19 Dec 2020

PACKAGING AND SUSTAINABILITY, THE NEW CHALLENGE FOR BERRIES

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With public pressure on GOD and their suppliers to limit the amount of plastic used in the packaging of their supply chains, the sustainability of packaging for berries was the focus of attention at the Global Berry Congress 2020 which took place on 10 December.

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Dirk Wens, president of Belgian BioPackaging, insisted that the industry must avoid simple greenwashing to satisfy those who demand more environmentally friendly options. "Sustainability is a mixture of people, profit and planet," he argued. "If you want to make packaging more sustainable, you have to source the material sustainably. We need material that respects future generations - made from renewable resources or end-of-life recyclable or compostable. But it should also be accessible and profitable".

Infia's Alessandro Mariani agreed that the key is to minimise the number of raw materials used for packaging. "We are in a much more sustainable situation than in the past, but obviously we are not there yet," he said. "It's all about recyclability, and that means packaging has to be recycled into those different waste streams in different countries. We need to go further by making existing packaging more uniform and more single-material."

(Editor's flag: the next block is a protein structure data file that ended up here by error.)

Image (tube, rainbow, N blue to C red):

According to Javier Navarro of Groupe Guillin, it makes sense for all companies to promote a circular economy for packaging. "As Alessandro says, we're not there yet, but we have done a lot - for example, by decreasing the weight of packaging and moving towards heat sealing, which has saved many kilos of plastic."

Massimiliano Persico, Carton Pack's strategic marketing manager, suggested that sustainability is not simply about removing plastic. "It has to do with costs, welfare, social engagement."

His colleague Massimo Bellotti said that more should be done to meet market demand to reduce plastic, while maintaining its food safety benefits and minimising waste. "Plastic packaging can also be sustainable, so in terms of supply we are trying to reduce it, not eliminate it," he commented. "North America and Europe are committed to reducing plastic, but the actual action is different. They have moved a little bit towards heat-sealing, but in reality they still use 90 per cent clamshells. So there is still a lot to do. The whole industry - the retailers, the manufacturers and the consumer organisations have to work together to find the best system".

Source: Fruitnet

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